Coach Vogel on the Chicago crowd in game 4 : "I only heard pacers fans. I didn't see any red, I saw Pacers fans I saw yellow and blue, and I heard Pacers chants. That's all I heard the whole game."

    http://www.cacawebdev.com

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    All hail King George! KnicksRGarbage's Avatar
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    Default Re: Could someone with ESPN insider post this article

    NBA projected salary cap for NEXT season- $50.4 million-53.6 million
    NBA projected luxury tax for NEXT season- $61.2 million-$65 million

    The difference in the numbers is due to the variable decrease in "Basketball related income" in the league next year. Obviously no one can correctly project the decrease in BIR, hence the difference in numbers.
    Last edited by KnicksRGarbage; 03-03-2010 at 12:10 AM. Reason: poor wording
    Coach Vogel on the Chicago crowd in game 4 : "I only heard pacers fans. I didn't see any red, I saw Pacers fans I saw yellow and blue, and I heard Pacers chants. That's all I heard the whole game."

    http://www.cacawebdev.com

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    I'm on a MAC! graphic-er's Avatar
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    Default Re: Could someone with ESPN insider post this article

    Quote Originally Posted by Hicks View Post
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    I don't have the exact number in front of me, but I'm not sure the cap is even close to 65mm right now. That sounds more like the luxury tax than the cap.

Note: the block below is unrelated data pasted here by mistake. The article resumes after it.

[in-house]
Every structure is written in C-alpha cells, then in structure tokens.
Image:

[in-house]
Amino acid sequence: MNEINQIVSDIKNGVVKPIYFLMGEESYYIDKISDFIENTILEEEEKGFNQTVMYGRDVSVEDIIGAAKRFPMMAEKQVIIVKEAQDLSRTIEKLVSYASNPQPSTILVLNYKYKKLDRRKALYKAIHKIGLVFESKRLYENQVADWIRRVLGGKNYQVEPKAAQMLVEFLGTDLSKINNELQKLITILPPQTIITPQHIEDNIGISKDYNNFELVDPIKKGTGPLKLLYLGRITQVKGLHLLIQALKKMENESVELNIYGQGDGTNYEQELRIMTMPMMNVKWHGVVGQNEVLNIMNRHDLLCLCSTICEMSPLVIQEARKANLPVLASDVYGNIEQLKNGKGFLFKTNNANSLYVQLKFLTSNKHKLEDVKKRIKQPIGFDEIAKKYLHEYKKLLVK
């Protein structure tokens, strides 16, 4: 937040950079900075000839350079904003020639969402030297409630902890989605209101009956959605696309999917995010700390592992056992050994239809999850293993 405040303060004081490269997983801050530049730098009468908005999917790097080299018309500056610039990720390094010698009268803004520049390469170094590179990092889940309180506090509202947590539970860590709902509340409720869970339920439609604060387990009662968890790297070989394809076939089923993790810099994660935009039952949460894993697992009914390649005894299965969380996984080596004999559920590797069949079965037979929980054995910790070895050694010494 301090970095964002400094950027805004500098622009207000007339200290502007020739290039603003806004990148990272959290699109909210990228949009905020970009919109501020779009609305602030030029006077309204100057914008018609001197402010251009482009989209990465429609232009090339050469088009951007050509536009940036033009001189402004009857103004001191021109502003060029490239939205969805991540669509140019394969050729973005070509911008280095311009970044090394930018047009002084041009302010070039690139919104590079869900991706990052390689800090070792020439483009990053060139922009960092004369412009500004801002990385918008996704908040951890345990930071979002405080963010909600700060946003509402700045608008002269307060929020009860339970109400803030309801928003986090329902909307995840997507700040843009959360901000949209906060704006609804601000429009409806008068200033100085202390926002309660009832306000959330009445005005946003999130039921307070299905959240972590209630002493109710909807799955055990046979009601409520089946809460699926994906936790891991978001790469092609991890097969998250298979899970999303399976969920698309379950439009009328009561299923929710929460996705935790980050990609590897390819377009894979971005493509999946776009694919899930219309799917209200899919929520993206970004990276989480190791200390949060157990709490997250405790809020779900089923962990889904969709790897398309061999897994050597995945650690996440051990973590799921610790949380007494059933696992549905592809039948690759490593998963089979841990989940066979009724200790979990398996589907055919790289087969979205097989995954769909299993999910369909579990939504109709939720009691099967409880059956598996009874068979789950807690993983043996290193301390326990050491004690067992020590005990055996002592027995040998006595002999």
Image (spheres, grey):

And how does shedding 8 million give us less cap space later?

    Because the 40 million that is coming off the books after next season does not equal 40 million in cap space. Since the cap will going down over the next 2 seaons. Wasn't that the main reason to trade Troy or TJ this season, to get an expiring that will get us below the cap for next year? I thought we all have talked this to death already.

    So lets say we have roughly 30 mil in cap space in 2011?

  16. #14
    All hail King George! KnicksRGarbage's Avatar
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    Default Re: Could someone with ESPN insider post this article

    If we dont re-sign any of our expirings in 2011 (Troy, Mike, Ford, Foster, Solo, and Mcbob is we pick up his 10-11 option) our team salary will be at $15.6 million.
    I would say $30-$40 million in cap space is a reasonable guess.
    Last edited by KnicksRGarbage; 03-03-2010 at 12:20 AM.
    Coach Vogel on the Chicago crowd in game 4 : "I only heard pacers fans. I didn't see any red, I saw Pacers fans I saw yellow and blue, and I heard Pacers chants. That's all I heard the whole game."

    http://www.cacawebdev.com

  17. #15
    Administrator Unclebuck's Avatar
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    Default Re: Could someone with ESPN insider post this article

    Out roster is really horrible. Although I think with two good draft picks (one this year and one next) a couple of smart trades, and 1 or 2 good free agent signings the pacers can be in very good position two short years from now. The right moves have to be made though.